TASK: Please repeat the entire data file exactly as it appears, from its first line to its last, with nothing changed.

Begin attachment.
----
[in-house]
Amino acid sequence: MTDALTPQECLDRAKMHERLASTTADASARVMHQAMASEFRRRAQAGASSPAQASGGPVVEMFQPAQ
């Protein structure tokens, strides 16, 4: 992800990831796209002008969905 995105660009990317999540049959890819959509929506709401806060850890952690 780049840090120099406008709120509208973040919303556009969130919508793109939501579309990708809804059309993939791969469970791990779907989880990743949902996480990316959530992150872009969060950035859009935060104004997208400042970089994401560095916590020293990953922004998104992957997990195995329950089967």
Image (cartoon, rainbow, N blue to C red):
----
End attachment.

[in-house]
Amino acid sequence: MTDALTPQECLDRAKMHERLASTTADASARVMHQAMASEFRRRAQAGASSPAQASGGPVVEMFQPAQ
């Protein structure tokens, strides 16, 4: 992800990831796209002008969905 995105660009990317999540049959890819959509929506709401806060850890952690 780049840090120099406008709120509208973040919303556009969130919508793109939501579309990708809804059309993939791969469970791990779907989880990743949902996480990316959530992150872009969060950035859009935060104004997208400042970089994401560095916590020293990953922004998104992957997990195995329950089967």
Image (cartoon, rainbow, N blue to C red):